Work represented in anthologies, including Articulations: The Body and Illness in Poetry, edited by Jon Mukand, University of Iowa Press (Iowa City, IA), 1994; Premonitions: The Kaya Anthology of New Asian North American Poetry, edited by Walter Lew, Kaya Production (New York, NY), 1995; I Feel a Little Jumpy around You, edited by Naomi Shihab Nye and Paul Janeczko, Simon & Schuster (New York, NY), 1996; What Book!? Buddhist Poems from Beats to Hiphop, edited by Gary Gach, Parallax Press (Berkeley, CA), 1998; and American Alphabets: Twenty-five Contemporary Poets, edited by David Walker, Oberlin University Press (Oberlin, OH), 2006.


Editor of the collections I Am Waiting to Be Free, 1981, and Cuentos III, 1984. Contributor to periodicals, including Conjunctions, Paris Review, Kenyon Review, Boston Review, Field, American Poetry Review, Hanging Loose, and Virginia Quarterly Review. Contributing editor, Buttons, 1971-73, and Tyuonyi, 1985-94. Corresponding editor, Manoa, 1998—.


Arthur Sze is a poet whose work, according to Albuquerque Journal reviewer John Tritica, "resides somewhere in the intersection of Taoist contemplation, Zen rock gardens and postmodern experimentation." Sze was born in New York City in 1950, and he was educated at the University of California at Berkeley in the early 1970s. In 1984 he began teaching at the Institute of American Indian Arts.

Sze's poetry collection Archipelago was described by Tritica as "an important poetic achievement." In these poems Sze sometimes produces unlikely juxtapositions of imagery, and he expresses both the sensual and the philosophical. "His achievement is solid because he enacts a synthesis of the life-sustaining web that is both Eastern and Western," Tritica observed, "both fragile and durable." Another reviewer, Gene Frumkin, wrote in Manoa that the poems in Archipelago "show a remarkable ability to seize on nature and human undertakings without cataloging them." Frumkin called Sze a "precisionist" and added that the poet's work reveals the creator to be a "wise man." C.L. Rawlins, meanwhile, commented in the Bloomsbury Review, "There are very few books of poetry that hold such a variety of passion … in such compassionate and graceful form."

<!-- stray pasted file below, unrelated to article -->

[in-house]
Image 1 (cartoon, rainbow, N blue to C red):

In The Redshifting Web: Poems 1970-1998, Sze charts his artistic development of nearly twenty years. William MacNeil wrote in New Mexican, "One of the joys of The Redshifting Web is seeing the evolution Arthur Sze has made from young, always lyrical poet to complex writer, drawing images from a wide range of sources to create rich tapestries." MacNeil concluded that the volume "will well reward poetry lovers."



Albuquerque Journal, January 5, 1997, John Tritica, review of Archipelago.

Bloomsbury Review, July-August, 1996, C.L. Rawlins, review of Archipelago.

Boston Review, July-August, 2006, Brain Teare, review of Quipu, p. 41.

Field, spring, 2006, David Walker, review of Quipu, pp. 86-91.

Manoa, November, 1996, Gene Frumkin, review of Archipelago, pp. 218-220.

New Mexican, June 21, 1998, William MacNeil, review of The Redshifting Web: Poems 1970-1998.

Washington Post Book World, August 2, 1998, Robert Haas, "Poet's Choice."